Ground handling AI , IA & SATS and Menzies & Bobba Aviation
Car parking Tenaga Parking, Malaysia
Retail fuel operator within the airport for non-aviation fuel Bharat Petroleum
Medical centre Apollo Hospital
Duty-free shopping Nuance AG, Switzerland & Shoppers Stop
Advertising Laqshya Media Pvt Ltd
Food & beverages HMS Host, Blue Foods Pvt Ltd, Cookie Man (Add others if present)
Aviation academy Sabena Flight Academy, Belgium
Coffee shop Caf Coffee Day, Hard Rock Cafe
Telecom services Tata Teleservices
Source: GHIAL website

Cochin International Airport Ltd


Background
Cochin International Airport Limited (CIAL) is the first greenfield airport under public-private partnership with
equity participation from the government of Kerala, industrialists, non-resident Indians (NRIs), financial
institutions, airport service providers and the public. CIAL is the first international airport in India outside the
ambit of the government of India. It is spread over 1,300 acres of which 800 acres is utilised for airport facilities
and 500 acres is planned for aviation and city infrastructure around the airport. The total capital expenditure
involved was Rs 2,830 million. CIAL began operations in 1999.

CRISIL RESEARCH AIRPORT INFRASTRUCTURE ANNUAL REVIEW B-23


2008-09 traffic at Cochin airport
The total passenger movement at CIAL was stable at 3.4 million in 2008-09 as compared to the previous year.
The total aircraft movement registered a growth of 5 per cent in 2008-09 compared to the previous year while the
5-year CAGR for the same is 20 per cent. Total freight movement in 2008-09 was 31,153 tonnes, registering a
growth of 23 per cent. The 5-year CAGR in freight movement is about 14 per cent. Passenger growth in Cochin
airport is driven by the presence of high expatriate population and tourist movement.

Figure 9: International & Domestic Passengers and growth rate

(in million) (per cent)

2.5 60

45
2.0

30
1.5
15
1.0
0

0.5
-15

0.0 -30
2001-02 2002-03 2003-04 2004-05 2005-06 2006-07 2007-08 2008-09

International Passengers Domestic Passengers


Growth in International Passengers Growth in Domestic Passengers

Source: AAI

Figure 10: Peak passenger movement - Monthly


in ('000) Nos
250

200

150

100

50

0
2002-03 2003-04 2004-05 2005-06 2006-07 2007-08 2008-09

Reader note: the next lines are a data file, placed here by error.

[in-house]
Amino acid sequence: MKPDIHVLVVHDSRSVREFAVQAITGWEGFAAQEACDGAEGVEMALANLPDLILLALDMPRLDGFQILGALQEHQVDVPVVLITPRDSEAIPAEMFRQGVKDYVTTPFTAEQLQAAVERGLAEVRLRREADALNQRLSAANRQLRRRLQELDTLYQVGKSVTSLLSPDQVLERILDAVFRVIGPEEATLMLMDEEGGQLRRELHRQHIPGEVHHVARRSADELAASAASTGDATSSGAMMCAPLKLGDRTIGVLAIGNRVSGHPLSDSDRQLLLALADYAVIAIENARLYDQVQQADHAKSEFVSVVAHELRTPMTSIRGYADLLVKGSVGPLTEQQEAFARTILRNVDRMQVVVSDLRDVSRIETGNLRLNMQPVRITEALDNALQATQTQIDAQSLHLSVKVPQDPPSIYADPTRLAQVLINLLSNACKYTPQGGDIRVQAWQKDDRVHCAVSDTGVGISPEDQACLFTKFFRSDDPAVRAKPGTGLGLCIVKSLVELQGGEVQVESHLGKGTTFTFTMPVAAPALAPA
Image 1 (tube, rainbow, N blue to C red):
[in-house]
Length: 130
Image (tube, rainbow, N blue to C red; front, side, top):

Peak International Passenger - Monthly Peak passenger movement - Monthly

Source: AAI

B-24 CRISIL RESEARCH AIRPORT INFRASTRUCTURE ANNUAL REVIEW


Figure 11: International & Domestic Aircraft and growth rate

in ('000) Nos (per cent)


28 80

60
21

40
14
20

7
0

0 -20
2001-02 2002-03 2003-04 2004-05 2005-06 2006-07 2007-08 2008-09

International Aircraft Domestic Aircraft

Growth in International Aircraft Growth in Domestic Aircraft

Source: AAI

Figure 12: International & Domestic Freight and growth rate

in ('000) Tonnes (per cent)


30 80

25
60

20
40
15
20
10

0
5

0 -20
2001-02 2002-03 2003-04 2004-05 2005-06 2006-07 2007-08 2008-09

International Freight Domestic Freight


Growth in International Freight Growth in Domestic Freight

Source: AAI

Infrastructure facilities and handling capabilities at CIAL


CIAL has a 3,400 metre long, 45 metre wide, Code E category runway, which has a CAT 1 lightning facility. It
has an apron to accommodate 14 parking bays including A-380 compatible bay. The domestic terminal has an
area of 0.1 million square feet to cater to peak hour capacity of 400 incoming and 400 outgoing passengers. The
international terminal has an area of 0.5 million square feet with peak hour handling capacity of 1,200 incoming
and 1,200 outgoing passengers. There are 45 check-in counters; an arrival duty-free shop occupying an area of
13,000 square feet and the same for departure area spreading over 2,000 square feet.

The parking area can accommodate 2,000 vehicles. In addition, it has a state-of-the-art centre for perishable cargo,
which has the capacity to handle 30,000 tonnes annually. CIALs air cargo facility is capable of handling 75,000
tonnes per year.

CRISIL RESEARCH AIRPORT INFRASTRUCTURE ANNUAL REVIEW B-25


Alliances

Table 5: CIAL has the following tie-ups with service providers


Function Service provider
Duty-free shops Alpha Retail
Refueling Bharat Petroleum Corporation Ltd (BPCL)
Ground handling Air India
Source: CIAL website

Future plans
CIAL has plans to develop a full-fledged airport city (Aerotropolis), surrounding the airport with state-of-the-art